Format

Send to

Choose Destination
Ann Emerg Med. 1986 Sep;15(9):1052-9.

Experimental amitriptyline intoxication: treatment of cardiac toxicity with sodium bicarbonate.

Abstract

Overdose with amitriptyline and other tricyclic antidepressants can result in ventricular conduction abnormalities as well as severe ventricular arrhythmias. The arrhythmogenic effects of these compounds may be attributed to their direct local anesthetic actions in blocking sodium channels in cardiac membranes. Thus tricyclic-induced ventricular arrhythmias usually do not respond well to therapy with standard Class I antiarrhythmic drugs that also have the same direct local anesthetic action and may potentiate the adverse effects of tricyclic antidepressants. Cardiac toxicity was produced in dogs by the administration of amitriptyline, both orally and IV. At serum concentrations less than 2,000 ng/mL, sinus tachycardia occurred with widened QRS complexes. At higher concentrations, QRS duration became more markedly prolonged and was followed by ventricular tachyarrhythmias. Occurrence of ventricular tachyarrhythmias was associated with QRS durations of more than 0.11 second. Sodium bicarbonate (18 to 36 mEq) administered IV over either 30 seconds or two minutes rapidly converted ventricular tachycardia to normal sinus rhythm. Conversion was associated with abbreviation of the QRS complex and was accompanied by a rise in both systolic and diastolic pressures. The duration of sodium bicarbonate effect paralleled the duration of the changes in arterial pH and plasma bicarbonate concentrations. In vitro studies in cardiac Purkinje fibers suggested that reversal of amitriptyline-induced cardiac membrane effects by sodium bicarbonate may be attributed not only to alkalinization but also to increased in extracellular sodium concentration, diminishing the local anesthetic action of amitriptyline and resulting in less sodium channel block.(ABSTRACT TRUNCATED AT 250 WORDS).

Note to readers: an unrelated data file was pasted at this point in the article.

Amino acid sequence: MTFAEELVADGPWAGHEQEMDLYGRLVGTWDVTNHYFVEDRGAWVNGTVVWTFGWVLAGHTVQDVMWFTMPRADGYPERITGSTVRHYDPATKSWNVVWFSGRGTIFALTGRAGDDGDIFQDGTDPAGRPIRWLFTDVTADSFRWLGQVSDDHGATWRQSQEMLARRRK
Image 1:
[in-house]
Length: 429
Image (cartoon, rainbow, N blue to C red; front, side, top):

PMID:
3017159
[Indexed for MEDLINE]

Supplemental Content

Full text links

Icon for Elsevier Science
Loading ...
Support Center